We’ve come to expect so little from Tigerair. Australia’s most-maligned airline is consistently disappointing us with its late departures, its cancelled flights and its overall shitty service. And you get what you pay for, sure. But it would be nice, wouldn’t it, if what we got was a plane that wasn’t in danger of disintegrating at literally any second?
Last month, Tiger grounded one of its Boeing 737s for three weeks after it was found that the aircraft was suffering from serious undetected faults. It had recently flown back to Australia after undergoing maintenance work in the Philippines. Upon its arrival in Melbourne, engineers discovered that the jet’s repairs had been completely botched.
A modification to the plane’s cargo bay smoke evacuation system was installed so badly that Steve Purvinas, federal secretary of the Australian Licensed Aircraft Engineers Association, compared it to the work of a “home handyman”, Fairfax reports. There were parts that had not been secured properly and wires that had been plugged into the wrong terminals, forcing Tiger to cancel a handful of flights while they performed extensive repair work and testing on the aircraft.
Then, before the plane’s first flight back on August 22, the crew discovered that one of the flight attendants’ seatbelts wasn’t bolted to the seat properly. Just a seatbelt, on a transnational jet aircraft, not bolted down.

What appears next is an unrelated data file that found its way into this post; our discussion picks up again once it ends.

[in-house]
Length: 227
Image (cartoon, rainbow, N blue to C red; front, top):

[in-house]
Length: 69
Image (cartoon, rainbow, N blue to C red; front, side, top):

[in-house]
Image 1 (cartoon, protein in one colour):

"What concerns us most is other latent defects, hidden now, but waiting to resurface at 30,000 feet," said Steve, ominously. "They didn’t know about the seatbelts—what else don’t they know?"
The shoddy maintenance work was done at Clark International Airport, near the Filipino city of Angeles, in a facility owned by Singapore Airlines. While Tigerair’s since stopped sending its planes there, according to Flightglobal, its two other 737s have undergone repairs at the facility in just the last three months. Virgin Australia also recently ended their relationship with the facility, and Australia's Civil Aviation Safety Authority (CASA) has conducted three on-site audits there since 2014.
It’s not clear whether there was a Tiger engineer supervising the offshore repairs—but Neil Hansford, aviation analyst and consultant, stresses there if there was “he should lose his licence. “This is the sort of stuff that would cause CASA, if it had balls, to review the engineering approvals of the airline,” he said.